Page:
Jill (Gina Rodriguez) is a widowed ex-soldier and recovering addict. Working as security at a research laboratory, she sells expired drugs on the side for extra cash. Her key focus: winning custody of her two children, Matilda (Ariana Greenblatt) and Noah (Lucius Hoyos), who live with their grandmother.
During a routine school-run, an unspecified global event takes place, cutting the power and, it transpires, preventing the entire world from falling asleep. Without any decent shuteye, it’s not long before everyone descends into hysterical wide-eyed mania and society begins to crumble.
Jill tries to escape the city with her kids, meeting escaped convict Dodge (Shamier Anderson) en-route and heading for a research station run by her boss, Dr Murphy (Jennifer Jason Leigh). All the while keeping the closely guarded secret that Matilda is still, in fact, able to sleep.
Awake is a new Netflix apocalypse / disaster movie from director Mark Raso (Kodachrome, Copenhagen). It takes an intriguing concept and hits the gas right away, with an exciting and well-staged car crash, moving the plot along at a fair clip. But before long, it feels like things are moving too fast during these early stages. The population seems to go from mild irritation to Thunderdome at the drop of a hat. With less than 24 hours of sleep deprivation, a local church immediately settles on human sacrifice as the answer to all their problems. Imagine if any member of this congregation were ever on board a long-haul flight!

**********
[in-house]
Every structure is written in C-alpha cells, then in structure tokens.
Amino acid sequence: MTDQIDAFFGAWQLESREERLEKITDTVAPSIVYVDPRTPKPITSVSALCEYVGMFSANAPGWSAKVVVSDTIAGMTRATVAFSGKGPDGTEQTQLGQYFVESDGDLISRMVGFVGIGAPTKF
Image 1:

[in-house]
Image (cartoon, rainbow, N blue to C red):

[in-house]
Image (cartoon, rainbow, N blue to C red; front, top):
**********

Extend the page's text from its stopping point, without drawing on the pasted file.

However, Awake’s main problem is that with the deluge of disaster movies that have hit our screens over the last few years, the formula has been tried and tested many times over. Take one miscellaneous calamity, a band of plucky survivors and a remote research facility that represents their only hope of survival, and you can likely guess the rest. Substitute the sleep deprived populace for zombies and you’ve got 28 Days Later. Replace the unknown catalyst with a meteorite and you’ve got last year’s global apocalypse adventure Greenland.
You can’t help but wonder if Awake’s concept might have been better served if its approach was trashier. Throwing some silly gore into the mix, supersizing the action and treading a bit lighter with the tone would mean we could probably forget the pacing issues and the recycled plot.
On the plus side, Awake has a great cast in Gina Rodriguez, the perpetually fantastic Jennifer Jason Leigh, and some superior supporting role quality in Barry Pepper and Gil Bellows. The action scenes also work well, particularly the car crash and an assault on another vehicle, which are both shown only from the interior perspective. While the inevitable rioting kicks off in the background, which is a nice touch, Raso smartly chooses to focus on Jill and her family’s reaction to events rather than the event itself.
Despite its flaws, Awake is actually pretty watchable and will satisfactorily solve your weekend Netflix viewing problems. It’s just a shame it couldn’t find a different way to explore its interesting idea, because everything feels just a little bit too familiar for Awake to make any lasting impact.
‘Awake’ is now streaming on Netflix – watch it HERE.